Recently I went to a reading by my brother at the Vermont College of Fine Arts and tagged along to dinner with him and the other presenting authors. We got into a discussion of what it means to be cool – everyone had a slightly different definition but, in general, it was agreed that someone cool has a coveted confidence, style, air, and/or outlook that sets them apart from a group.
I have documented my daughter’s activities in this blog since she was in kindergarten, and now she has transitioned to middle school (gasp). We are entering a stage where I, the mom, am the least cool person, but, luckily for now, I am hanging in there. I started to volunteer in the middle/high school library, which allows me to still bring home books to share with her and gives me some insight into what is cool to an-almost-eleven-year-old. I share some recommendations here:
- The school librarian is cool! She has reorganized the library by genre (see key to the library at right); it is pretty “cool” to see kids working their way through a section of books, confident that they will find a good choice.
- My daughter loved the book Because of Mr. Terupt. It is a sweet story of a new teacher seeing kids for what they are and building bridges between them. The kids all realize how cool their teacher is and how cool their classmates are because of a tragedy. My daughter shared the book with a beloved elementary school teacher; it gave me a new appreciation for how special this teacher was to her and the impact that has had on her as a person and as a student. Great example of a cool teacher!
- I read One of Us is Lying – a modern version of the Breakfast Club. Four kids from different groups end up in detention, a tragedy occurs, and they need to come together to figure out who lied. Filled with stereotypically cool (and not cool) high school types, it does deliver on suspense and also on the message that it is cool to be yourself and find people who love you for it.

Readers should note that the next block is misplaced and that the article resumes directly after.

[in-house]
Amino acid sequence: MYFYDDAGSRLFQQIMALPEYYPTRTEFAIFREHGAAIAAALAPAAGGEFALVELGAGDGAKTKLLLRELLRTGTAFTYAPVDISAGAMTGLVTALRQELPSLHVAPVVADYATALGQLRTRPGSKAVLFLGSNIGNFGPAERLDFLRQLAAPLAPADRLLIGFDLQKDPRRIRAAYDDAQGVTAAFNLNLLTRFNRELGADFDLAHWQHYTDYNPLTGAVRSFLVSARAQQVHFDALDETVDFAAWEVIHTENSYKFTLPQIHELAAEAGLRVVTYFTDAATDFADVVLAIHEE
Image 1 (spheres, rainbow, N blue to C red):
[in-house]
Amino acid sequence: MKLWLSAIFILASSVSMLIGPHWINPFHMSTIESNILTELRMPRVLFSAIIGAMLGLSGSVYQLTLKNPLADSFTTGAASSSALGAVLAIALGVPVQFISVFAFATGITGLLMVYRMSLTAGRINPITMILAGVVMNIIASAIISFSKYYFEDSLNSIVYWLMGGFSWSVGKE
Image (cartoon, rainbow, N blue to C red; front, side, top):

- We were lucky enough to see Hamilton in Boston this fall. I underestimated how the musical would make historical figures cool, but it did. We started by listening to the book My Dear Hamilton about Eliza Schuyler Hamilton. Before the play, my daughter read the graphic novel of Hamilton’s life and, after, she followed up with the Nathan Hale’s Hazardous Tales Lafayette!. (Note: graphic novels can make things cool too.)
- Similarly, she is intrigued by the movement of compilations of biographies such as Rad Girls Can, Stand Up! Stand Out!, First Generation, and Rebel Girls.
- She has also read some great stories that celebrate embracing your identity. The First Rule of Punk about a Mexican American girl moving to a new school and clinging to her dad’s love to punk music and her love of making zines; George about a transgender experience; and even the Wings of Fire series, although it is dragons who come to understand where they came from and how it has impacted them.
I hope we can continue to share books and stories – it gives us a good starting point for discussions about issues, and it helps me to know how she defines cool. I can hope I stay in that category for a while!
Meredith Scott is a parent and CLiF’s Program Director. You can reach her here.